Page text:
In that sense, I also feel pretty confident that Gatsby and Next.js will continue their reign in 2021, as both of them won't probably see any big competitors popping this year.
With always increasingly complex web applications, testing has become a crucial part of our developers' workflow. The success of the products we develop primarily depends on how efficient and reliable it is, so that's the direction we have to focus our efforts.
When it comes to Testing tools and libraries, Jest continues its reign, thanks to React's popularity and its connection with this tool.
Other testing libraries include Mocha and Jasmine. The first one is still a good choice despite its setup complexity and Jasmine's rapid decline as Angular is its default testing tool.
When it comes to the workflow for testing, I wasn't surprised to see how a combination of software developers + QA specialists is still the most used for testing a web application, as it emerges from this survey.
I believe that the practice of testing our web apps will increase over time this year, as in 2021, testing and modern frontend development have been recognized as two deeply linked and inseparable topics.
A headless CMS is a content management system that allows you to deliver content to multiple frontends. With a CMS, your application frontend won't be coupled to a single backend. Instead, you will have the power to deliver your data to as many frontends as you want.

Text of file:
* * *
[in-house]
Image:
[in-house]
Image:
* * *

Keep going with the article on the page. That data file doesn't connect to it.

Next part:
This technology has gained a lot of momentum over the last years, and some of the world's largest companies are now adopting it.
This condition found its roots in the advantages that a headless CMS brings in, including:
The introduction and adoption of headless CMS systems have been a great discovery for me. This type of solution is not suitable for every company. Still, it can be a perfect solution in the exemplary scenario, so I can see that this technology will increase in popularity more and more in 2021, with some possible cool integrations with the Jamstack.
As a React developer, I'm pretty happy to see the excellent tool's results over time. In 2021, I would love to see a stronger inclination toward using hooks and the context API for managing state, with an evolution in that sense that could distance the framework from the classic Redux.
As my advice, here is what I think you should seriously consider watching our for this year in the world of frontend:
The frontend world is constantly changing, and web developers have to keep up with it because that's a crucial part of our job. Unfortunately, the web is so full of information that it's often hard to understand where to direct your efforts and focus.
With this article, I've given you an overview of what the future of Frontend development will probably look like this year, hopefully helping you understand what topics you should watch out for and how your career could evolve during 2021.
Piero is a full-stack software developer for the WiFi industry and a proud technical writer and coding educator.